THE MAASAI, BEAUTIFUL PEOPLE, UGLY TRADITION
The Maasai believe that an uncut woman has sexual feelings for every man she comes across,
and is likely to stray from her marriage. In fact, they see FGM/C as a tool to curb the spread of
HIV/AIDS in their community.
Folklore explains the origin of female cutting in the story of Naipei, a young girl who had intercourse with the enemy of her family, and whose punishment came in the form of genital cutting a decision which her family took in the belief that it would to prevent her from feeling the urges that had led her to commit the crime. Since that day, in a bid to protect their honour and the honour of the Maasai society, as soon as Maasai girls who reach adolescence they are circumcised. The aim of FGM/C is therefore to limit the sexual desire and promiscuity of girls.
It is believed that 99% of Maasai women and girls have undergone type 1 FGM/C know as a clitoridectomy, which involves the removal of the clitoral hood and all or part of the clitoris. Today, because the procedure often has to take place in secret, female circumcision is mostly performed using shared and unsterilized objects, which can lead to HIV/AIDS and tetanus, and damage organs including the vaginal walls. Inflammation of the cells around the circumcision area also occurs shortly after the operation.
Physical effects of the clitoridectomy include:
- reduced sexual desire
- bleeding, often severe enough to cause death
- infection, particularly due to poor sanitary conditions
- risk of HIV transmission due to sharing of knives
- complications during childbirth, often leading to stillbirths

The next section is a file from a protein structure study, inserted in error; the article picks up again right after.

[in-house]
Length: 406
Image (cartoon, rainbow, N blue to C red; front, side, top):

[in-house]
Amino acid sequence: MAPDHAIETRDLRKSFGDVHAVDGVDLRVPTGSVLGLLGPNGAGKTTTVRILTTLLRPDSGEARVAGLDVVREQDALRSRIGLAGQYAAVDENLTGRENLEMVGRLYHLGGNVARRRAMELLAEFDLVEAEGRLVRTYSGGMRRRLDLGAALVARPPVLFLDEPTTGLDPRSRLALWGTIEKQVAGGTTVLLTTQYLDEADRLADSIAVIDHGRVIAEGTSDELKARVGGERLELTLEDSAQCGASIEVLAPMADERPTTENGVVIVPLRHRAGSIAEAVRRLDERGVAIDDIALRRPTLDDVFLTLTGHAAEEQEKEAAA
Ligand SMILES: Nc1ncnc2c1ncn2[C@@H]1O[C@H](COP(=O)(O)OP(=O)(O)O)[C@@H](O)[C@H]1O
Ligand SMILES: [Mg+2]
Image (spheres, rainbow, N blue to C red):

FGM/C is perceived as bringing honour to a girl and to her family; by making her eligible for marriage, it raises the status of her family in the eyes of society. The Maasai have held to the custom despite criminalisation of the practice by the Kenyan government in 2002.
Many Maasai families cannot afford to give their children formal schooling and the ones that can afford it prefer to educate their sons. In order to “protect” their daughters from lives of poverty, they choose to marry them off at a young age.
Most educated Maasai men and women still favour the practice of FGM/C, not because they are uninformed about the risks involved, but for fear of the social repercussions, should they reject the custom. Girls and women who refuse to be circumcised risk isolation, their chances of finding a Maasai spouse are reduced to almost nil, and their status in society will always be that of a child.
In 99% of the cases, FGM/C is “sponsored” by a prospective suitor. Aside from the actual surgical procedure, the rite includes a ceremony in which the entire community comes together to celebrate the girl’s passage to adulthood. In the Maasai community, once a girl undergoes circumcision, she can start a family. This belief has contributed greatly to the practice of early marriage among the Maasai.
FGM/C has been practiced for over 2000 years. Although it has obscure origins, there has been
anthropological and historical research on how the practice came about. It is found in traditional group or community cultures that have patriarchal structures. Although FGM/C is practised in some communities in the belief that it is a religious requirement, research shows that FGM pre-dates Islam and Christianity.
Some anthropologists trace the practice to the 5th century BC Egyptian custom called ‘Pharaonic circumcision’. If current trends continue, as many as 30 million girls are at risk of being cut before their 15th birthday.
The human rights approach was pioneered by Molly Melchings’ charitable organization Tostan and works toward acknowledging that FGM/C is a violation of women’s and girl’s human rights. This approach is used alongside other strategies to eradicate FGM/C based on the social abandonment theory of FGM (derived from the social change theory behind foot binding in China).
The western attitude of “different cultures, different customs” toward FGM/C is no longer tolerable. We must acknowledge that if we accept the premise that any one person has human rights, then we all do; no matter one’s religion, location, sex, income, education or age.
By approaching these traditional yet harmful practices and customs with compassion, information and education, members of communities where FGM/C is prevalent are able to maintain their dignity and unique cultural identity without denying it’s most vulnerable citizens their fundamental human rights.
Article by VERVE Founder & CFO (Chief Feminist Operative) Anna Quick Palmer